In this story, Eline Santos gives a different take on the usual suspense stories for kids -- that which talks about black magic and friendship. After all, friends look after one another just as how siblings would do.
Quiapo is a labyrinth of stores that sells everything from the mundane — such as stolen cell phones and seventy-five-peso slippers — to the arcane.
In one of these shops, there was a doll maker with a bat-winged store. And her brand of magic was the sinister kind.
Manang Bolabola would sit outside her little shop, eyes halfclosed, as if sleeping. But the truth was she saw, smelled, and heard everything. She was watching and waiting for the right kind of material to make her dolls with.
Her dolls looked ordinary enough. Piles of plastic dolls with blinking blue or brown eyes were on display together with orange, purple and white teddy bears, as well as heart-shaped pillows, and pink pigs with curly tails.
Manang Bolabola had a secret collection, however, hidden away at the back of the store.
The hidden dolls were very beautiful and made of costly materials like delicate porcelain and rich ivory. Their most marvelous feature was their eyes. Each doll’s eye was a precious gemstone.
One would have eyes the color of sunshine trapped in amber while another, moonlight glowing from a dark, velvet gaze. Yet another would have the echoing remains of rainbow-twinkling laughter, and another, a gentle whisper of the most serene blue.
Each doll was unique. Not one was for sale.
She scanned the crowd.
The doll maker sensed the little girl. Alone. A street urchin. One of seven kids. Blood ties broken. Hurting, hurting, hurting…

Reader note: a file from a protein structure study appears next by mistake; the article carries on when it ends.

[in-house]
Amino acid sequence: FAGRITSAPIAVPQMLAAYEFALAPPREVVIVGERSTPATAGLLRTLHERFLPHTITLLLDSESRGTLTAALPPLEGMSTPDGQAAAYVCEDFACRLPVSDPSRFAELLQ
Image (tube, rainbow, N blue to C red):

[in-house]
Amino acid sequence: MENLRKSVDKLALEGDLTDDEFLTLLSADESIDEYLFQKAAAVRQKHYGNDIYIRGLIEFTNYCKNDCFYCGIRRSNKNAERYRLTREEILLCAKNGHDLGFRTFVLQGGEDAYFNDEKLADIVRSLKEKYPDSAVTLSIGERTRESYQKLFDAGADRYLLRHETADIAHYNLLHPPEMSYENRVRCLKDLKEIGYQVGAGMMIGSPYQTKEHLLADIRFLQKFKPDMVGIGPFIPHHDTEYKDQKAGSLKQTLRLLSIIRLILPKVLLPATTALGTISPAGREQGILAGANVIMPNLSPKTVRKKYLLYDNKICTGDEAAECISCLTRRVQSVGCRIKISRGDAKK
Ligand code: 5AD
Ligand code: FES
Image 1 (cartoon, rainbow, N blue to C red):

Manang Bolabola licked her lips. Yes. This one was ripe for the picking.
With a wave of her hand, she beckoned the little girl to come over. Obediently, the child approached.
“What is it, lola?”
The doll maker smiled, whispered in the girl’s ear, and drew back the curtains of the shop entrance. The girl stepped inside.
When Manang Bolabola came out, there was a new doll in her secret room, with eyes the color of twilight that had been grazed by the twinkle of the first evening star.
In the streets and stalls of Quiapo, flowers are sold in bulk at the lowest prices. Tin and other sampaguita vendors got their daily supply of the sweet-smelling flowers here.
It was January. Competition was tough as people are less likely to buy after the holidays.
Tin worried about Ella.
The girls shared a very special bond, maybe because they were both born on Christmas day. They looked out for each other and always knew each other’s thoughts and feelings, even without speaking.
Tin hoped Ella was not in trouble. But she had not seen her since yesterday and she could not quell the uneasy feeling in her heart.
In the secret room, the shelves were filled with dolls of every shape and size. Many of the girls were in Maria Clara dresses and baro’t saya while the boys were in barong. A few wore exotic, tribal clothing. There were also some in Western-style clothes, kimonos, and cheongsams.
Ella could see her ivory hands and a cry began to rise from her porcelain throat — but the scream was frozen inside and no one could hear her. No one, that is, except her fellow dolls.
You do not want to call the attention of the doll maker.
Ella heard a voice in her head and she knew it was the doll beside her.
She might harvest your eyes, warned another voice.
“Harvest my eyes?” Ella wondered.
She collects us for our souls, the voices continued to explain. The essence of it is in our eyes and when she has need of it, she harvests them and then we are no more.
Ella shuddered. You still move. Somebody still thinks of you.
That was when Ella felt her own fingers bend somewhat, though she could not clench them in her fear and anger.